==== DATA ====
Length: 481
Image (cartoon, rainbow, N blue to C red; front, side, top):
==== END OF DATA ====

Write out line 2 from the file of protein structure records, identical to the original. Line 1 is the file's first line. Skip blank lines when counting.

Image (cartoon, rainbow, N blue to C red; front, side, top):